Daniel Cox: Yeah. I think that’s totally right, and it’s one of the things where I would not think that this is the entire story here, and why I preface that. My comments there, looking at our data, if you look at how younger men identify in terms of their masculinity, they’re less likely to identify as traditionally masculine. But it’s younger men who struggle most in forming and maintaining friendships. So this idea that if we can just fix culturally, this idea of toxic masculinity, things would suddenly be better, I think is not the entire story, and I think we have to look to the institutions, the ways and the places men made friends, whether it’s church or local civic engagement, all the different ways people can meet.

One of the interesting things in our poll, is we found that people are most likely to make close friends now at work, not through existing friends, not in their neighborhood, it’s the workplace. And there used to be a really vibrant, locally-focused sort of community that people could go into and engage with, people were friends, with their neighbors. I think that all this kind of decline is playing a role in our ability to create and maintain friendships.

Brett McKay: I wanna talk about the work component in a bit here ’cause also, I think the pandemic and the whole work from home thing has probably thrown a wrench in that. But another thing we’ve heard is… And researchers have found is that women tend to be more willing to put in the effort in cultivation and maintenance of friendships more than men are. But do we know why that is? Were you able to find anything out there with your survey? 

Daniel Cox: Yeah. We didn’t look at that specifically. I do think it’s true that the poll found that men are engaged in activity-based friendship, they have a lot of these friends, whether it’s online, you asked about online playing video games, younger men are much more likely to do this than just about anyone. But one of the issues there, I think is particularly when you’re thinking about getting together for sports or hobbies, hunting, all that stuff requires a lot of time and planning and logistics, much more so than just picking up the phone. So the more intimate communication-based relationships that women are nurturing with their friends are probably just easier to maintain. It’s just different if you’re sort of saying, Hey, now we’ve gotta get together around doing a certain activity, first and foremost, the person has to live relatively close by, and given how far flung we’ve all become, I think that creates an added hurdle.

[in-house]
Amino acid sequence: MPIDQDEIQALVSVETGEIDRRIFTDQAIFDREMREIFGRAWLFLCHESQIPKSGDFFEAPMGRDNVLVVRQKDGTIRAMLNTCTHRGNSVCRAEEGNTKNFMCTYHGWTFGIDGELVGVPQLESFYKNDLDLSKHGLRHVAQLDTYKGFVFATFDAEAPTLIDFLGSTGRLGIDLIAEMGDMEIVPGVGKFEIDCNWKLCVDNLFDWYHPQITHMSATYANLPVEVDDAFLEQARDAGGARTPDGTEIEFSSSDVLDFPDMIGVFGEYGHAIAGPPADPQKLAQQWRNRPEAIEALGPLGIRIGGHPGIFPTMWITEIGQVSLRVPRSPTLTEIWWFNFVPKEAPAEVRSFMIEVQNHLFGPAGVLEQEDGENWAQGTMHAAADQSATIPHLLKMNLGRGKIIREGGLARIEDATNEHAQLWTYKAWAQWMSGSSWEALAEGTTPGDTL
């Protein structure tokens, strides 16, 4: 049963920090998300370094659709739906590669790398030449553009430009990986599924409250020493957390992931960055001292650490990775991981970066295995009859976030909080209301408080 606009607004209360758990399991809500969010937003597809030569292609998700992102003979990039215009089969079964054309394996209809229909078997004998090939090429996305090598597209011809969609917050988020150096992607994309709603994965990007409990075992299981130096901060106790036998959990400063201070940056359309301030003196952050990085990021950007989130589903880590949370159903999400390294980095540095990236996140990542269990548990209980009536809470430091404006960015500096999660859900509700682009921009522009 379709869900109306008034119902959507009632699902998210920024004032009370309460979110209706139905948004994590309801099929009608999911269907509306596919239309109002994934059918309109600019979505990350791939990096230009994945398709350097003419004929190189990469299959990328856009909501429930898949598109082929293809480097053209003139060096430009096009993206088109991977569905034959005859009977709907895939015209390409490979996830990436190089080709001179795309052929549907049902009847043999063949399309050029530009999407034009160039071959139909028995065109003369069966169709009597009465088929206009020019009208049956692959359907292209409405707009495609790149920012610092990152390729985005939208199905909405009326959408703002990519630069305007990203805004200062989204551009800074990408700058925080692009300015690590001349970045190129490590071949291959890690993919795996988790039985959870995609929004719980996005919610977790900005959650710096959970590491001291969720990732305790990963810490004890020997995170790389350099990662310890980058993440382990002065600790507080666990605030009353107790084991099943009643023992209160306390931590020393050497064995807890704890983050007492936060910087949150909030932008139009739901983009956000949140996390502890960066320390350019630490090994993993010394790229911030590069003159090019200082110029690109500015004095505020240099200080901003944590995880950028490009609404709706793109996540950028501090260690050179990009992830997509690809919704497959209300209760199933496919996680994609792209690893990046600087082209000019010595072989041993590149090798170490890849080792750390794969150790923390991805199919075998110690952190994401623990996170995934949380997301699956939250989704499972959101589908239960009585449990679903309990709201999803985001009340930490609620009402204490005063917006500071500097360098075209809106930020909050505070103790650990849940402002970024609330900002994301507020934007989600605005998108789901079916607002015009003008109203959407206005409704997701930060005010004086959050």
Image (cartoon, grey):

Brett McKay: Well, let’s talk about that, the role of geographic mobility. So that’s one dynamic we’ve heard might be playing a role in the friendship recession amongst men, but the one thing I’ve heard and maybe your survey found something different is that compared to previous generations, millennials are moving less. So you think, Okay, if they’re moving less, they’re able to establish some sort of roots, they’re able to make friends. So geographic mobility doesn’t play a role, but did your survey find anything different? 

Daniel Cox: Yeah. So I think that’s right. So geographic mobility, we know it’s harmful to establishing and maintaining social connections. So if you move a lot, and any kid that moved around a lot growing up knows this deep down. It’s really hard to maintain friendships if you’re moving around a lot. It’s probably less so than it once was with the rise of social media, texting and messaging and all that. But one of the big things that happens when you move is you become disconnected. You detach from the local institutions, the clubs, places of worship, which are really important ways for us to maintain close connections with other people. And one of the things that I think is not really paid attention to a lot is unlike marriage and our other familial relationships, there’s not a lot of structure in friendships, it’s sort of whatever you wanna make of it. So I think when they’re structured through membership in an institution or a club, that’s really beneficial. And so I think when people move, you become kind of uprooted. And one of the things that we know that’s true with men, particularly young men, is they’re far less likely to be attached to a religious community than previous generations until older men and women. And so that is a real loss in terms of being able to establish social connections with folks.

Brett McKay: So, are millennials moving less? I mean, did you guys find that in your survey? 

Daniel Cox: Yeah, I think the best evidence suggests that yeah, comparatively, depending on how you wanna define millennials, they’re not moving around a lot. They are shifting jobs more…

Brett McKay: Okay.

Daniel Cox: Than the previous generations, that is true. But in terms of geographic mobility, I think it’s probably a little bit less.

0:13:27.8 BM: But still the job mobility, we’ll call it job mobility could be disrupting friendship formation.

Daniel Cox: Absolutely. And again, if we are disproportionately relying on the workplace for our social life, yeah, that’s gonna be hugely disruptive.

Brett McKay: Let’s talk about this work and friends, most, lot of friends… It sounds like a lot of friendships are made and they’re situation based. So there’s church, there’s club and a big one is work. Have you guys been able to figure out how the emphasis on using work as a way to make friends? How has that impacted American friendship with men?